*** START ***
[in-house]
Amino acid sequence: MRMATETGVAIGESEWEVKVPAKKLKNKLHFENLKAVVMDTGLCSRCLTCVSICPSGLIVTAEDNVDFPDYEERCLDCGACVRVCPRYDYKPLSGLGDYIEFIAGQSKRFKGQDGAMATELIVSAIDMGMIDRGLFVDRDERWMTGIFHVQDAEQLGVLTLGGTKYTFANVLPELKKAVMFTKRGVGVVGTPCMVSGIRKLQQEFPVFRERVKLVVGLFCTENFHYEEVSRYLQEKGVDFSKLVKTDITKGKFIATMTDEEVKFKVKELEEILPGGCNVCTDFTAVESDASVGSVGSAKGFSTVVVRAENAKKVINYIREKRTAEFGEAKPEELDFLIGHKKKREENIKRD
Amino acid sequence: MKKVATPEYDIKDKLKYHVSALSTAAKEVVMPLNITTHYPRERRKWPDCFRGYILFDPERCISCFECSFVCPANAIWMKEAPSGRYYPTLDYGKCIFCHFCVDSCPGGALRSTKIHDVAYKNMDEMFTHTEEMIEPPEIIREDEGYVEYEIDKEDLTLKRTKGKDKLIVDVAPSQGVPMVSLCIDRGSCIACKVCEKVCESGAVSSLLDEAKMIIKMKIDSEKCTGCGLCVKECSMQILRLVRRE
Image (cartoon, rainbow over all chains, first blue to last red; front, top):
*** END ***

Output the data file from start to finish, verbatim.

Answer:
[in-house]
Amino acid sequence: MRMATETGVAIGESEWEVKVPAKKLKNKLHFENLKAVVMDTGLCSRCLTCVSICPSGLIVTAEDNVDFPDYEERCLDCGACVRVCPRYDYKPLSGLGDYIEFIAGQSKRFKGQDGAMATELIVSAIDMGMIDRGLFVDRDERWMTGIFHVQDAEQLGVLTLGGTKYTFANVLPELKKAVMFTKRGVGVVGTPCMVSGIRKLQQEFPVFRERVKLVVGLFCTENFHYEEVSRYLQEKGVDFSKLVKTDITKGKFIATMTDEEVKFKVKELEEILPGGCNVCTDFTAVESDASVGSVGSAKGFSTVVVRAENAKKVINYIREKRTAEFGEAKPEELDFLIGHKKKREENIKRD
Amino acid sequence: MKKVATPEYDIKDKLKYHVSALSTAAKEVVMPLNITTHYPRERRKWPDCFRGYILFDPERCISCFECSFVCPANAIWMKEAPSGRYYPTLDYGKCIFCHFCVDSCPGGALRSTKIHDVAYKNMDEMFTHTEEMIEPPEIIREDEGYVEYEIDKEDLTLKRTKGKDKLIVDVAPSQGVPMVSLCIDRGSCIACKVCEKVCESGAVSSLLDEAKMIIKMKIDSEKCTGCGLCVKECSMQILRLVRRE
Image (cartoon, rainbow over all chains, first blue to last red; front, top):